SparseArray[
     gb[[All, 1, 1]] -> 
      Total[gb[[All, All, 2]], {2}]]]; // AbsoluteTiming

Gives about {2.012217, Null}

AbsoluteTiming[
 System`SetSystemOptions[ 
  "SparseArrayOptions" -> {"TreatRepeatedEntries" -> 1}];
 res3 = SparseArray[indexes -> zvalues];
 System`SetSystemOptions[ 
  "SparseArrayOptions" -> {"TreatRepeatedEntries" -> 0}];
 ]

Gives about {0.195228, Null}

res3 == res2
True

"TreatRepeatedEntries" -> 1 adds duplicate positions up.

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1  
could you expand a bit on "adds duplicate positions up"? I am having trouble understanding what it does. –  acl Nov 20 '11 at 17:54
1  
If you have rules {2,3}->1, {2,3}->10 and, say, {2,3}->2 the value at mat[[2,3]] will be 1+10+2; "TreatRepeatedEntries" means to add up the value if position entries are repeated. The default behavior of SparseArray is to not do that. TreatRepeatedEntries"->1 activates that feature - with this you can write very efficient code. –  user1054186 Nov 20 '11 at 18:07
1  
That's very useful to know, thanks. a shame it's undocumented though... –  acl Nov 20 '11 at 18:14
2  
Id did show this on several occasions, at least once on MathGroup: forums.wolfram.com/mathgroup/archive/2010/Dec/msg00335.html. –  user1054186 Nov 21 '11 at 10:44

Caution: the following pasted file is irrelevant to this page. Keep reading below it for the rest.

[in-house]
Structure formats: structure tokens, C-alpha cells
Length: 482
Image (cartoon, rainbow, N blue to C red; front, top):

3  
I only noticed this reply now. I wish this were an option to SparseArray instead of a system option. –  Szabolcs Nov 25 '11 at 8:53
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I intend to do a rewrite of the code below because of Szabolcs' readability concerns. Until then, know that if your bins are regular, and you can use Round, Floor, or Ceiling (with a second argument) in place of Nearest, the code below will be much faster. On my system, it tests faster than the GatherBy solution also posted.


Assuming I understand your requirements, I propose:

data = RandomReal[100, {75, 3}];

bins = {0, 20, 40, 60, 80, 100};

Reap[
  Sow[{#3, #2}, bins ~Nearest~ #] & @@@ data,
  bins,
  Reap[Sow[#, bins ~Nearest~ #2] & @@@ #2, bins, Tr@#2 &][[2]] &
][[2]] ~Flatten~ 1 ~Total~ {3} // MatrixForm

Refactored:

f[bins_] := Reap[Sow[{##2}, bins ~Nearest~ #]& @@@ #, bins, #2][[2]] &

bin2D[data_, X_, Y_] := f[X][data, f[Y][#2, #2~Total~2 &] &] ~Flatten~ 1 ~Total~ {3}

Use:

bin2D[data, xbins, ybins]